I absolutely NOT like the idea of in app micro payments...

    But I would really love a "starter version" of any kind of app, that I first can try and then continue to use, after a very easy ONE TIME in app buy or ONE YEAR in app rent!

    And a "starter version" of a productive app, should naturally work in every way and only be time limited... While some games can offer the first three tracks, without any other limits...

    Then can it also be a free ad option, that maybe get slightly limited functionality and some apps can even offer all three alternatives, when its time to continue...

    The main advantages with this "starter version" system is that you can really try the real thing, you can also try some alternative apps that might be even better and if you really like the program, would you finally gladly pay clearly more too, often twice as much as you would pay for a program you can't try first... But the one year rent option, should naturally be clearly cheaper and anyhow be great for app creators that really believe in the apps long time value!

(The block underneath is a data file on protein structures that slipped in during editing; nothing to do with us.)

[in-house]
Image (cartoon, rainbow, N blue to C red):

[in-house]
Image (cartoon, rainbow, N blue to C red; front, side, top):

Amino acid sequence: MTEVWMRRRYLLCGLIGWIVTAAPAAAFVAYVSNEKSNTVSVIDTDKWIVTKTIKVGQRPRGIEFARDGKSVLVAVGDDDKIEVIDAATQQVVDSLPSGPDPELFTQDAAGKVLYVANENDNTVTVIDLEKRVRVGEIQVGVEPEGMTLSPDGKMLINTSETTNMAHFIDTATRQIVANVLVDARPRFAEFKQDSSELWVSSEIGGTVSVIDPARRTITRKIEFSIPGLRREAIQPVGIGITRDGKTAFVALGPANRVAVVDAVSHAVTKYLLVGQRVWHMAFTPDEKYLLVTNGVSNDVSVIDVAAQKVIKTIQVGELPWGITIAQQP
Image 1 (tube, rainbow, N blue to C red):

Which naturally would be a HUGE benefit for the creators of fine programs and dramatically encourage finer programs... And it would also be very good for parents, that not have to worry about excessive in apps micro payments!

    *** If YOU like this system and know anyone that have some influence over Google Market and so on, talk with them about this possibility!!

  • Tommy W.

    This idea is TEARING ME APART

  • http://www.AndroidPolice.com Artem Russakovskii

    Here we go: https://market.android.com/details?id=de.nurogames.android.tinybee.arcade

    The full game costs $0.99 too, I have no idea how they can even justify using the token version.